Date of Award

Summer 7-2022

Degree Type

Masters Thesis

Degree Name

Master of Arts (MA)



Committee Chair

Donald Sacco

Committee Chair School


Committee Member 2

Lucas Keefer

Committee Member 2 School


Committee Member 3

Alen Hajnal

Committee Member 3 School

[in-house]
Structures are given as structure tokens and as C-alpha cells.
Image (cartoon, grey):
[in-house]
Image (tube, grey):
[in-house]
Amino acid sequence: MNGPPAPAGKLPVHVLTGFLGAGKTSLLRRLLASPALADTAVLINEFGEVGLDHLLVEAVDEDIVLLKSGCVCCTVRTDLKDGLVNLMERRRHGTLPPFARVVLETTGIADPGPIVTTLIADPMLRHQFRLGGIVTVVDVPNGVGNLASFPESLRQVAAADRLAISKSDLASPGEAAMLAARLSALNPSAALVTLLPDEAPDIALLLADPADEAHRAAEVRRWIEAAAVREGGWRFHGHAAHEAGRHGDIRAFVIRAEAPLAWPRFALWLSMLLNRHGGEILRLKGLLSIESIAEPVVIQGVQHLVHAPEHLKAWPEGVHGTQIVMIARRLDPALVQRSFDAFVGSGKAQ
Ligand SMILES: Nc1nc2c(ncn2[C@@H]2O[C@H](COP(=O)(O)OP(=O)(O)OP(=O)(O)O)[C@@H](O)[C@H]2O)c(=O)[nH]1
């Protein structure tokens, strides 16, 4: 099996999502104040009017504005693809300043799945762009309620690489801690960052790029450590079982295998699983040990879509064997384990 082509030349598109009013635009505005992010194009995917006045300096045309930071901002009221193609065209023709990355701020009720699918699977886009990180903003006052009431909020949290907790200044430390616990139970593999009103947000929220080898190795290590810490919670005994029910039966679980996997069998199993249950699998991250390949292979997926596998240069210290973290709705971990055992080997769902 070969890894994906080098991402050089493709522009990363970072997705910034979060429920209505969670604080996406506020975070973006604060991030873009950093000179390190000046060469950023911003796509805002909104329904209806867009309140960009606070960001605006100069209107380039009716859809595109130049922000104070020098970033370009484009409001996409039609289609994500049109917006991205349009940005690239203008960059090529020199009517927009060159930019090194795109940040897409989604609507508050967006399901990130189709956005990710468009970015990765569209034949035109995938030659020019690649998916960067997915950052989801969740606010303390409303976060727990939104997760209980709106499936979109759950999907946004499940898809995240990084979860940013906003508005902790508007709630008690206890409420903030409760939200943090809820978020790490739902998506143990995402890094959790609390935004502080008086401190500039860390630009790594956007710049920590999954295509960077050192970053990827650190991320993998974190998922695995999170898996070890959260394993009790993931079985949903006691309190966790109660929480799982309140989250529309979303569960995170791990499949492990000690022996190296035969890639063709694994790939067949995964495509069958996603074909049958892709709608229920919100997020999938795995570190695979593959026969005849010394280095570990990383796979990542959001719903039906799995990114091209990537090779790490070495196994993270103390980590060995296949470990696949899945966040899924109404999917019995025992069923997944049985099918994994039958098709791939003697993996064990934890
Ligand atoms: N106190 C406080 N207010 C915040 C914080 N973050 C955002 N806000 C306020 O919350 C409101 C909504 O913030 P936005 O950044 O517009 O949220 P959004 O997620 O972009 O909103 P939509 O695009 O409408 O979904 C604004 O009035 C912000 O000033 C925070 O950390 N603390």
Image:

This study aimed to extend work considering how bodily cues appear diagnostic of parental ability. I examined body adiposity and sexually dimorphic features for women (i.e., breast size) and men (i.e., muscularity). I further considered how salience of resource scarcity might heighten perceptions of a potential mate as an effective parent when possessing features that connote underlying resource availability (e.g., body fat). Participants were primed with resource scarcity or a control condition before assessing parental affordances of female and male targets. Targets were orthogonally manipulated to possess high and low levels of adiposity. Female targets were manipulated for breast size and male targets for muscularity. I posited that scarcity-primed participants would perceive high-fat targets as affording more parental opportunities. Similarly, I predicted large-breast female targets to garner more favor given research indicating larger breasts association with nursing ability. Conversely, I predicted scarcity-primed participants would view high-muscularity male targets as more threatening given past work finding muscular men to be perceived as more exploitative and aggressive. Although the prime in the current study failed, results replicated previous findings of high adiposity in female targets being viewed more favorably. A similar effect emerged for small-breast targets. Low-fat male targets appeared to afford more threats and opportunities, and high-muscularity targets were perceived as more threatening. Possible dual signal values of these specific features are explored, and results are discussed from an evolutionary framework.



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